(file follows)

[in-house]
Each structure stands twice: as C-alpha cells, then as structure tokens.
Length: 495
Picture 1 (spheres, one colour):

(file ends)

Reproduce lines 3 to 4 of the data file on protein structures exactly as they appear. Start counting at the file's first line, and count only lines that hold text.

Length: 495
Picture 1 (spheres, one colour):